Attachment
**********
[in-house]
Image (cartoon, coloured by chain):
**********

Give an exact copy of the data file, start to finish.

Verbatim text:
[in-house]
Image (cartoon, coloured by chain):